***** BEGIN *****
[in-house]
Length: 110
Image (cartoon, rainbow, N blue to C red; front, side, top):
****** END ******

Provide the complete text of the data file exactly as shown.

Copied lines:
[in-house]
Length: 110
Image (cartoon, rainbow, N blue to C red; front, side, top):